Once upon a time, unmarried 29-year-old women were cast off as spinsters. Today, any woman married younger than 30 might as well be a child-bride. The average American is now waiting for their first marriage until they reach their early 30s, a massive jump up from 1960, when the median marriage age was 20 for women and 23 for men. But even as prevailing attitudes about marriage have changed dramatically, there are plenty of people who still believe in marrying young — and will yell at you about it on TikTok.
Just ask Denise Lee, a divorced entrepreneur who recently posted a TikTok explaining that if she could redo her 20s and 30s, she wouldn’t have gotten married when she did. “I met my husband when I was 24 and we got married when I was 29,” she explained. “At the time, I thought that this was, like, the ideal situation, the perfect age to get married. But what I realized was in the four years that we were married, I grew so much as a person. I graduated from business school, started my own business. I just became such a different person that I didn’t feel like he was the best fit for me anymore, and I don’t think I could have realized that at 29 when I said yes.”
Not that it’s any of my business, but I think Lee makes a pretty solid point. Nevertheless, a swarm of disapproving Karen-types swept into her comment section to call her out for being “selfish.” “Marriage is meant to be a commitment. Not a pair of shoes you outgrow,” one person wrote. “Both people change over the course of the relationship but you adjust to each other and keep moving forward. That’s how you build love.”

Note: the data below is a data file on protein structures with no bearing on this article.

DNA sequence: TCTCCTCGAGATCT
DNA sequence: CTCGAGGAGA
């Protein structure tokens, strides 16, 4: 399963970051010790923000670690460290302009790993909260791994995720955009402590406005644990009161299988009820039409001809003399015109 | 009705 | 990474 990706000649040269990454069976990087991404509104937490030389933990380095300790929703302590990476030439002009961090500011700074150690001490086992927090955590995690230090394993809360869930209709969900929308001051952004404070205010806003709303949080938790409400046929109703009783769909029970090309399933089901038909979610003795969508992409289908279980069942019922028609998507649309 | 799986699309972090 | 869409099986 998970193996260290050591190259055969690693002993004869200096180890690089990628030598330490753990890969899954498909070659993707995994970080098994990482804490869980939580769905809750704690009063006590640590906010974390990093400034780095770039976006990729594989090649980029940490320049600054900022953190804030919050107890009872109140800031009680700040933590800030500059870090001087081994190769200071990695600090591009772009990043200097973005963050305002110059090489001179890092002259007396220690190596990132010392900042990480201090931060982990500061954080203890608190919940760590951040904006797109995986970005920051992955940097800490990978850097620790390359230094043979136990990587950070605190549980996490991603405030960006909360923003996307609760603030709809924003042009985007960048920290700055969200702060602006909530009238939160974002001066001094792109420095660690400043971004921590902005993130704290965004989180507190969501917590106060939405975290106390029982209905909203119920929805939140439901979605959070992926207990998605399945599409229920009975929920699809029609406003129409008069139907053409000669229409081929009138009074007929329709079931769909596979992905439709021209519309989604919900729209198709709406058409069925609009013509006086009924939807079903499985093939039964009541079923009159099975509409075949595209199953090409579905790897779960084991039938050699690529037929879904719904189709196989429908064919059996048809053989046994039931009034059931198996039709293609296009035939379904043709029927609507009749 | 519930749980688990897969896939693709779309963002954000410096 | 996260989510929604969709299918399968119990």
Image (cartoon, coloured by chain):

Some of the reactions were less feisty but still laden with judgment. “My wife and I went to high school together, dated at 24, married at 30, kids at 32. Turning 40 next year,” someone wrote. “I think growing together is key.”
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In her reel, Lee said that looking back, she would have allowed herself “to have so much more growth” before making a decision as big as marriage. “It’s really nothing against that partner specifically, but it was more about the direction that I wanted my life to take. My interests by 35 were unrecognizable to my younger self, and I don’t think it would have been fair of me to take him on this journey if I didn’t think that he was the right partner for the version of me that was to come.”
Another commenter chimed in with their hot take: “We are constantly growing and evolving. The person you are at 40 might not be the person you are at 50. Being able to love a person at every version or stage in your life AND their life is what will determine if a marriage will stand the test of time.”
Still, there were a few commenters who supported Lee’s viewpoint. “Yes. I met him at 21, married at 24 and divorced at 29. Different person completely,” one commenter commiserated.
“Unpopular opinion: marriage is an incentivized social institution,” another wrote. “A lot of people want to marry for the benefits that come with being legally recognized as spouses. Without the institution, relationships are simply a commitment, and it is OK for commitments to change.”
And finally, someone said what we were all thinking: “I can’t believe a simple video like this is sparking so much outrage from women and men. The projection, assumptions and anger because someone recognized they were a completely different person with different interests, so a relationship wasn’t working anymore.”
Traditional marriages and relationship timelines may be falling by the wayside, but through it all, one thing remains the same: the chorus of judgy internet commentators is as loud as ever.